How should firms approach competing using their commitment to social and environmental purpose? This was the challenge tackled by Omar Rodríguez-Vilá and Sundar Bharadwaj in their 2017 article published in the Harvard Business Review. (Sundar is a colleague of mine at the University of Georgia). The approach they outline seeks to show a clear way to link competitive advantage and social purpose.
Finding A Social Purpose
There are firms that won’t need the advice that the authors supply. These are those with brands that have social purpose as part of their very core. Firms which were set up with a social purpose at the core the authors call social purpose natives. They don’t need to find a social purpose. It is already there. (I guess there is a second type of firm to whom the advice does not apply, those which do not want a social purpose).
Still, assuming you see the value of a social purpose (for society and hopefully the firm too) then how do you compete on it?
They suggest looking at brand heritage, customer tensions, and product externalities. In essence, the purpose should make sense with the brand’s history, it should matter to the customers, and it should relate to the products. (They give examples, such as Airbnb fighting discrimination in the provision of accommodation).
There will be still many different possible purposes. So you will need to pare down the list to find an effective choice.
An effective social-purpose strategy creates value by strengthening a brand’s key attributes or building new adjacencies [opportunities in related fields].Rodríguez-Vilá and Bharadwaj, 2017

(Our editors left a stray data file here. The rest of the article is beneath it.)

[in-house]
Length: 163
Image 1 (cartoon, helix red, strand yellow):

Competitive Advantage And Social Purpose
It is not cynical to say that the social purpose must generate some benefits for the firm. If there aren’t benefits for the firm it won’t be sustainable. You will go out of business. As such, managers need to find a social purpose that delivers meaningfully on both the social and firm performance sides.
You then have to find a way to communicate this. The example of the Greenworks brand was informative. The firm risked falling between two stools. The managers wanted to associate the product closely with Clorox to gain the perceived benefit of effective cleaning. Yet, they also wanted to gain the consumer perception of good for the environment. This meant distancing from Chlorox. It was hard to get both powerful/effective cleaning and gentle on the environment.
Reaction To Social Purpose
Firms should always recognize that there will be a range of reactions to attempts to link competitive advantage and social purpose. Some will be cynical thinking that the social purpose is just greenwashing. The firm must be able to make a noticeable difference to their cause to counter this belief. On the other hand, some people will hate almost any meaningful social purpose thinking it is firms over-reaching.
It is, therefore, important to be clear on what the aim is, and the results that are being obtained. You need to measure that meaningful results have been achieved. The company should be able to show that the social purpose:
- Generates resources
- Provides choices
- Influences mindsets &
- Improves conditions
Linking competitive advantage and social purpose is about creating win/wins. This is possible but needs serious committment.
For more on purpose see here.
Read: Omar Rodríguez-Vilá and Sundar Bharadwaj (2017) Competing on Social Purpose: Brands that win by tying mission to growth, Harvard Business Review, September-October